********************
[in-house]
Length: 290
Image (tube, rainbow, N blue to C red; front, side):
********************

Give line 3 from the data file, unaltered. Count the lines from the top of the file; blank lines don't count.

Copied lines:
Image (tube, rainbow, N blue to C red; front, side):